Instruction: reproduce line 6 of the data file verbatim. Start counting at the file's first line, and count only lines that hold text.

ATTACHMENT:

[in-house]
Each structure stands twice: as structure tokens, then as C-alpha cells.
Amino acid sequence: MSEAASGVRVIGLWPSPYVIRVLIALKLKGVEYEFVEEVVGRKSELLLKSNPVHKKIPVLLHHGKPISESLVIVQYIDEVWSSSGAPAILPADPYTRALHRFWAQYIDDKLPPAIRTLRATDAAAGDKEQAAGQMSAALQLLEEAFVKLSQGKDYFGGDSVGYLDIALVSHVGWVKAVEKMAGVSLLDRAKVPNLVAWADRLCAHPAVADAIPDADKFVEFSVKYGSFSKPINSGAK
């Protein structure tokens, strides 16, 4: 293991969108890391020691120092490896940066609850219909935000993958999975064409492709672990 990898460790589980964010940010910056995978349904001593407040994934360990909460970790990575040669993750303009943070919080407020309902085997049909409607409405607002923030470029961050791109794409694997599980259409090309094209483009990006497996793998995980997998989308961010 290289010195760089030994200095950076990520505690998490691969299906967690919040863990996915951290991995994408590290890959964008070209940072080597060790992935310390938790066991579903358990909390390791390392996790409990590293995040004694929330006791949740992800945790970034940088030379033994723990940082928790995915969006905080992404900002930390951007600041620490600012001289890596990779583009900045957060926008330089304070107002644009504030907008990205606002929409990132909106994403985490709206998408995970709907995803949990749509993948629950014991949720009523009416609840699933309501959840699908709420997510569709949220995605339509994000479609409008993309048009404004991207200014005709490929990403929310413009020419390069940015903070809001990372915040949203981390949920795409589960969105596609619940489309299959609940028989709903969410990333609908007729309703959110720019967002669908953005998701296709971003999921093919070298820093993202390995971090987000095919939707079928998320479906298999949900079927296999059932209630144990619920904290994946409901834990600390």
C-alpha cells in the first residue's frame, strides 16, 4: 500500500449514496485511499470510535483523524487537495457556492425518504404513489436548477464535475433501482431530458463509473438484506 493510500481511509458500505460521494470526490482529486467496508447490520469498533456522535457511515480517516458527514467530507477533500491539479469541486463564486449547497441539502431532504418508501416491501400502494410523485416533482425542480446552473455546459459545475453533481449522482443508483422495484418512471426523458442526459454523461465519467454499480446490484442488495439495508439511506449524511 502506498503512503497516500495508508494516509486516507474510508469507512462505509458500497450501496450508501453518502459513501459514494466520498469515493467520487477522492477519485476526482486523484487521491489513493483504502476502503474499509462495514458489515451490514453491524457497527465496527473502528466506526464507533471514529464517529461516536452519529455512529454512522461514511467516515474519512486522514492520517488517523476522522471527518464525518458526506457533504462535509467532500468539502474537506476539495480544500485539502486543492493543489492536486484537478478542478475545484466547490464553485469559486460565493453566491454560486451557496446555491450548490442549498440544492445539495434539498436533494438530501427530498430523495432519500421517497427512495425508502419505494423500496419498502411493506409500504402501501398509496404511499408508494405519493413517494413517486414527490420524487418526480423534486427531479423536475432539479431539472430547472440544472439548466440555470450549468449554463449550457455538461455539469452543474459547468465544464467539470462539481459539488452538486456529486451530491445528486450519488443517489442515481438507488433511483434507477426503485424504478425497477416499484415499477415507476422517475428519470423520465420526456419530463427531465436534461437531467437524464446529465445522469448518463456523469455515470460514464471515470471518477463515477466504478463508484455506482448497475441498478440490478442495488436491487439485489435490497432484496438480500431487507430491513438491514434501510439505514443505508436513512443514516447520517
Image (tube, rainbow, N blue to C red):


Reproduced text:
Image (tube, rainbow, N blue to C red):